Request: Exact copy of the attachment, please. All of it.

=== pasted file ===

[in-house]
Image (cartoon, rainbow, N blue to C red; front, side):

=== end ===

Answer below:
[in-house]
Image (cartoon, rainbow, N blue to C red; front, side):